Despite my reservations the sociopath can fulfil a useful function in society. It was Robert Merton who said that crime and organised crime fulfilled an invaluable role in society. They made available to people products or services that they otherwise could not get. Without organised crime the low income addict could not get their drugs and the city financial dealer their cocaine. Some accounts suggest that cocaine is the essential tool for maintaining that high level of frenzied intellectual activity which makes a successful trader. Similarly many of the great entrepreneurs of the past such as Andrew Carnegie America demonstrated the ruthless behaviours characteristic of a sociopath. He believed that steel worker union was hampering him in his efforts to trade union prevent him from make Carnegie steel into the largest and most efficient maker of steel in the USA. He decided that he would remove this obstacle which resulted in the notorious Homestead Strike of 1892. He employed the Pinkerton Detective Agency to break up the steel workers strike. Extreme acts of violence were committed against the trade unionists and by the trade unionists in their defence. Ultimately the ruthless boss triumphed. Other businessmen were not above using organised crime to deny the worker their rights in their endeavours to make their businesses more profitable. Jimmy Hoffa the boss of the Teamster’s Union decided to fight fire with fire and he allied himself with organised crime to use the employers weapons against them. He was so successful that many of the dockyards in the 20th century USA were in effect controlled by the Teamsters Union and their allies in the American mafia. Although I can condemn these men as monsters, they performed an essential role in driving the American economy forward.
While Donald Trump is but a pale imitation of the great entrepreneurs such as Andrew Carnegie. This particular monster is far more damaging to American society, as the damage he has done to the social fabric is not matched by any benefits accrued to the wider society. A steel mill is far more beneficial than a casino, for example the former requires skilled highly paid workers, the latter the reverse. The one single factor that makes the difference is that in 1890 although Andrew Carnegie was able to subvert the local legal system and manipulate it to his advantage, the larger national legal system remained largely uncorrupted. Andrew Carnegie was a monster but his monstrous activities were largely constrained within a manner that benefitted society. In contemporary America there are no longer the legal constraints limiting the damage that these people can inflict on society. Wolfgang Streeck describes American variously as a kleptocracy or oligarchy. It is a state in which the rich oligarchs can use their money to bend and twist the law to suit their purposes. Just recently the US senate passed a law guaranteeing the US banks unlimited and ‘no questions asked bailouts’ in the event of another financial crisis. The monsters are no longer constrained in their behaviours in a manner that ensure that there activities work largely to benefit to the wider American society.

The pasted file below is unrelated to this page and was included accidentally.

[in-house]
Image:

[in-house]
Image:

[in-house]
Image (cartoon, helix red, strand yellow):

In a successful and viable social system monsters such as Donald Trump would be constrained. He would have been the owner of a small chain of casinos and leisure centres, the legal system would have prevented his ‘walking away’ from his serial failures. Unfortunately in the current US the legal system has been rendered ineffective in regulating the bad behaviour of rich oligarchs, so there is now no limit on what these monsters can achieve. There is a similar change taking place in the UK. There is on disturbing example that proves this, when the EU was proposing to introduce legislation to make money laundering more difficult, the British government successfully lobbied against it. The City of London had argued that if the legislation was passed British banks would be at a disadvantage, as other countries would not observe the law, while the British government would operate it to their competitive disadvantage.This spurious argument worked and the UK is now called the world’s largest tax haven by the IMF.
Unfortunately for us all the creatures from the swamp are allowed to roam freely within our societies and wrecking damage to the host society to further their own self interests.